The high response rates seen in clinical trials of CD19-directed CAR T cells in hematologic malignancies have led to a surge of interest in extending this therapeutic paradigm to other malignancies. Applying this therapy to target solid tumor antigens, which are often also expressed on essential healthy tissues, poses the risk for on-target, off-tumor toxicity (22). It is critical that the next generation of CAR T cells be engineered with control programs to allow clinicians to intervene in the case of adverse events. Suicide switches offer the ability to ablate transferred cells in the case of severe toxicities. In clinical trials, the inducible caspase-9 (iCasp9) system has been shown to be effective in depleting alloreactive T cells after transplant and resolving GVHD (23, 24). However, around 10% of the transferred cells were resistant to ablation. Although these residual cell populations did not induce a recurrence of GVHD, such incomplete ablation of CAR T cells might not be sufficient to mitigate CAR T cell–associated toxicities.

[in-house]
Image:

The HSV1-tk system has a dual benefit of acting not only as a PET reporter gene but also as a suicide gene. The HSV1-tk gene acts as a suicide switch when a prodrug substrate, such as ganciclovir, is administered, thereby inducing apoptosis of cells expressing the HSV1-tk reporter (25, 26). A mutated version of the thymidine kinase gene (sr39tk) was developed with increased catalytic activity compared with the original HSV1-tk gene and with less efficacy at phosphorylating endogenous substrates, leading to increased sensitivity and specificity to both [18F]FHBG and ganciclovir (27–30). Preclinical animal studies have shown intraperitoneal administration of ganciclovir can induce ablation of both engineered hematopoietic stem cells and tumor cells expressing the HSV1-sr39tk reporter without off-target toxicity (27, 29). With the clear potential benefit of a dual-function system, we characterized the utility of sr39tk as both a PET imaging reporter and suicide gene specifically in CAR T cells, which has yet to be demonstrated.